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    Hospital to pay for missing dentures

    The man's $3,380 teeth disappeared during a visit to Mease Countryside for pneumonia.

    By MONIQUE FIELDS

    © St. Petersburg Times,
    published June 15, 2001


    CLEARWATER -- Mease Hospitals has agreed to reimburse Ruel Garey for $3,380 he paid for his missing dentures after stories about the 91-year-old's plight reached as far as Utah.

    Mease Hospitals offered to pay for the dentures two days after his story was published in the St. Petersburg Times and appeared on the Associated Press' national wire. A hospital representative who called his attorney on Monday gave no explanation for the hospital's about-face, said John McGuire, the Clearwater attorney who represents Garey.

    In a faxed statement, Stan Blakey, a spokesman for Morton Plant Mease Health Care, confirmed that the matter had been settled but said the terms are confidential.

    The money will help pay off the remaining $1,000 that Garey owes a relative after he borrowed the money to buy the dentures.

    "I knew I was right all the way," Garey said. "Getting the whole thing off my mind is a good feeling."

    Mease Hospitals has agreed to cover the full cost of replacing Garey's missing dentures and to reimburse his attorney for filing charges, court costs and summons fees totaling $131.50, McGuire said.

    "I'm happy they did the right thing," said McGuire, who waived his fees in the case.

    Garey's dentures have been missing since January when he suffered a bout with double pneumonia and had to be admitted to Mease Countryside Hospital.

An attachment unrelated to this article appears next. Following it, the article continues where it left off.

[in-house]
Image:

On Jan. 9, he collapsed in the bathroom of his mobile home. His wife and a relative couldn't move him, so they called for an ambulance.

    When Garey woke up in the hospital's emergency room, a bad taste filled his mouth. He removed his dentures and put them in a cup next to his bed. Later, he discovered they were missing.

    Despite a search by hospital employees, his dentures were never recovered. A month later, the hospital attempted to make restitution and sent him a check for $800.

    But it fell short of the amount he needed to replace his dentures, and he rejected the offer. The hospital's parent company, Morton Plant Mease Health Care system, netted $540-million in total operating revenue in 1999, a spokesman said.

    He contended that the loss of his teeth was the hospital's responsibility and the carelessness of an employee forced him to eat pureed foods while hospitalized.

    The hospital, at first, disagreed.

    If a patient is alert and not under sedation or mind-altering drugs, a letter accompanying the check explained, he is responsible for items left in his possession.

    Undaunted, Garey wrote "canceled" across the check and typed a letter detailing his disappointment. When hospital administrators stopped taking his calls, he hired a lawyer and sued in small-claims court.

    "I had to do something," said Garey, a retired computer specialist and World War II veteran.

    In the coming weeks, Garey expects to receive a check from Mease Hospitals. As soon as he does, he will settle another debt of sorts.

    "When I go down and get the money, I'm going to insist that he (McGuire) and his wife go out and get a steak with us," he said. "I can afford that."

    - Times researcher Caryn Baird contributed to this report.

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